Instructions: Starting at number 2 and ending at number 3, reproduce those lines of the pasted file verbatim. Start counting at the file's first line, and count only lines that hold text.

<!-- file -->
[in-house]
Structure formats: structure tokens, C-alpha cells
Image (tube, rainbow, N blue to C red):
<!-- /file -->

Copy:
Structure formats: structure tokens, C-alpha cells
Image (tube, rainbow, N blue to C red):